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Monday, 18 July 2011

Evidence - putting numbers into action

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The issue today is applying evidence.  If there was no evidence of activity on this blog, I'd be foolish to continue it. 

The gold standard for evidence has rapidly become the double blinded randomized control trial.  Neither the observer or the recipient are aware of who is getting the intervention and the results are only analyzed when the study is completed.  It is the closest thing to laboratory based research that we can get with humans.

The problem, is that not every intervention can be neatly wrapped up in a pill.  When you start intervening at the level of communities or populations, the techniques to amass and measure "evidence" of the effectiveness become increasingly challenging.  Those that review such evidence (check out Health Evidence Canada http://health-evidence.ca/  (within Canada)  or the Cochrance databases http://www.cochrane.org/ ) often dismiss such studies are methodologically flaws or weak design.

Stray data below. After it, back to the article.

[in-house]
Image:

When we look at the things that have improved the population's health, the quality of evidence is not good.   Who would question that reducing tobacco use rates had not been instrumental in saving millions, that water chlorination doesn't work, that safer vehicle and road design is not worth it?  

However, if you were to take these issues and do a science review, the conclusion may well be that there is insufficient evidence to demonstrate effectiveness. 

Insufficient evidence should not be interpreted as the evidence supports the contrary.  It is better stated that the research undertaken on the topic does not have the gold standard type of research that is used when making individual level decisions.  Ultimately, there is a bias against population level health interventions even when they can be more efficient, less costly and more effective.

In the meantime, we are channelling limited health resource away from population level activity because of "insufficient evidence".   We all suffer.  

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